Suu Kyi to Make First Official Visit China

By Kyaw Phyo Tha 3 November 2014

RANGOON — Opposition leader Aung San Suu Kyi is set to make her first official visit to China in December, a senior member of the National League for Democracy (NLD) confirmed.

Win Htein, an NLD Central Executive Committee member, told The Irrawaddy on Monday that the party leader will travel to China next month, though he did not offer any other details about the trip.

“All I can say is she will visit China in December,” said Win Htein.

Suu Kyi’s visit will follow closely after US President Barack Obama’s second visit to Burma for two major regional summits in Naypyidaw.

The Chinese Embassy in Rangoon was not available for comment, but China’s Ambassador to Burma Yang Houlan said earlier this year that an invitation from the Chinese government would be forthcoming, given Suu Kyi’s popularity in Burma and abroad.

Suu Kyi has expressed a willingness to visit Burma’s northeastern neighbor, but has insisted that an invitation be extended directly from the Chinese government. She has declined several invitations from semi-official organizations.

China has demonstrated new interest in engaging with Burma’s opposition leaders since bilateral relations began to chill in recent years. In 2011, President Thein Sein displeased the Chinese government when he suspended the US$3.6 billion Myitsone dam amid widespread public criticism of the project.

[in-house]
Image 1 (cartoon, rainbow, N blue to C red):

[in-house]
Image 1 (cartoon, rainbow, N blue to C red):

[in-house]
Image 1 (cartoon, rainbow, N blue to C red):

Suu Kyi was one of the loudest opponents of the project, which is a joint venture between state-owned China Power Investment Corporation (CPI) and the Burmese government.

Growing opposition to other Chinese mega-projects in Burma has since led to a new approach in relations between the two countries, which shared strong financial ties while Burma was isolated from the West.

The Chinese government has diversified its approach by reaching out not only to authorities but also to opposition leaders and civil society groups.

Chinese diplomats have had near-constant discussions with Burma’s opposition in the years since the military ceded power to a nominally civilian government in 2011; the NLD has sent more than four delegations to China in the last year upon official invitations, and the Chinese Embassy donated 1 million kyats (US$1,000) to the NLD’s National Health Network earlier this year.

In December 2013, China’s Ministry of Foreign Affairs extended an unprecedented invitation for NLD members to visit the country. A 10-member delegation led by the party’s central executive committee members and spokesman Nyan Win accepted the invitation.

In February of this year, China’s Deputy Minister of Foreign Affairs Ai Ping visited the NLD headquarters in Rangoon, becoming the first high-ranking Chinese official to meet with Burma’s top opposition officials in more than two decades.

As Burma prepares to usher in a flurry of new financial allies from neighboring Asean nations and the West, some analysts speculated the Chinese government could be trying to regain its foothold in the once-closed country.

Veteran journalist and Burma expert Bertil Lintner said Chinese officials could be “hedging their bets” in an attempt to befriend future players in Burmese politics.

“The Chinese learned a lesson after Myitsone, and they are worried that Burma is moving too close to the Americans,” he said.